Israel's bogus case for bombing Gaza obscures political motives
In the last two days, Israeli forces have killed at least 15 residents of the Gaza Strip and wounded over 30. Among the dead are two young boys (see here and here), while the wounded included a reporter from the Ma'an News Agency and his pregnant wife. Militant factions in Gaza have responded to the Israeli assault by launching several homemade rockets at Southern Israel, leaving two injured and no one dead.
The Israeli government claimed that it initiated the assault on Gaza in order to kill two alleged militants who supposedly "masterminded" a daring and deadly terror attack near the Israeli city of Eilat in August of last year, and who were planning another attack. According to Al Jazeera English's Jerusalem correspondent Paul Brennan:
The Israeli army is saying these two people it targeted with its clinical airstrike on Friday night were senior militants who were plotting an attack.
The Israeli army says that last year’s attack on the road that runs alongside the Egyptian border, where eight people were killed and 25 Israeli soldiers were wounded, was masterminded by the two men they targeted.
"Zuhair Al-Qaissi and Mahmoud Al-Hannani were said to have been behind these attacks, and the Israeli army said that these two men were planning a similar attack and that is why they launched their aerial clinical attack.
The Jerusalem Post, which functions as a virtual bulletin board for the Israeli army, told a similar story: "The IDF said it decided to bomb Qaisi’s car due to intelligence that he was plotting a large terrorist attack along the border with Egypt," the paper reported, "similar to the one the [Popular Resistance Committee] carried out last August that killed eight Israelis."
As is so often the case, the Israeli army is lying through its teeth. According to the army's own investigation of the Eliat attack last year, the attackers were not from Gaza as Israeli government spokespeople initially claimed -- they were Egyptian. The army's investigative findings were first reported by Alex Fishman, the military correspondent for the Israeli daily Yedioth Aharanoth, who had treated the earlier attempts to blame Gaza's Popular Resistance Committees for Eilat with extreme skepticism. Bloggers Idan Landau [Hebrew only], Richard Silverstein and Yossi Gurvitz also marshaled evidence shredding the army's case against Gaza.
Finally, in November, Egyptian security forces arrested the suspected mastermind of the Eilat plot, shattering the Israeli army's initial claims about Gazan culpability. By then, however, Israeli forces had already killed 30 Gazans in retaliation for an attack they had absolutely nothing to do with.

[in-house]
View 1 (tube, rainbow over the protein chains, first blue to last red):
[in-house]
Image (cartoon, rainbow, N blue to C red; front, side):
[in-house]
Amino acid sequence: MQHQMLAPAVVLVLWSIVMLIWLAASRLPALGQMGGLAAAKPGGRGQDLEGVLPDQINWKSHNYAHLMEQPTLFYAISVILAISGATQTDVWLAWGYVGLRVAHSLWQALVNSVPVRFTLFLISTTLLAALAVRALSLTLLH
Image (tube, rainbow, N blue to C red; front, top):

Four months later, the Israeli army has reverted to falsely blaming Gazans for last August's Eilat attacks, contradicting its own investigation and heaps of evidence proving the attacks were planned in Egypt and carried out by Egyptians. The army has no proof that the men it assassinated on Friday -- Al-Qaissi and Al-Hannani -- were involved in the Eilat attacks, or that they were planning any military operations. So in to manufacture a violent confrontation, the Israeli military simply concocted a lie that conceals what appears to be political considerations.
The renewed assault on Gaza coincided with Prime Minister Benjamin Netanyahu's return to Israel after days of discussions in Washington with President Barack Obama about Iran's nuclear program. Netanyahu had hoped to secure a solid commitment from Obama to authorize an attack on Iran, or to at least support an Israeli strike in the near future. Instead, he was rebuked, with Obama condemning Netanyahu's "loose talk of war" and warning him not to strike Iran. During his speech at AIPAC, Netanyahu was forced to mute his demand for Obama to agree to "red lines" on Iran's nuclear program that would trigger a US attack, descending instead into an incoherent, demagogic rant about a "nuclear duck" and the Holocaust. If Bibi accomplished anything during his visit to Washington, it was keeping the Palestinians off the discussion table, guaranteeing his government a free hand to build expand settlements in the West Bank and attack Gaza with impunity.
Almost as soon as he limped back to Jerusalem in frustration, Netanyahu gathered with his generals to gin up a case for pounding Gaza. The Gaza Strip, with its warehoused population of stateless refugees, would serve as their punching bag and pressure release valve. They could not have their war on Iran -- not yet, at least -- but they could assault Palestinians in Gaza without fear of repercussions from Washington.
Yesterday, as the Gazan death toll climbed into the teens, US Ambassador to the United Nations Susan Rice took to Twitter to declare: "We thoroughly condemn terrorist rocket fire from Gaza into southern Israeli towns & cities and call on both sides to restore calm."
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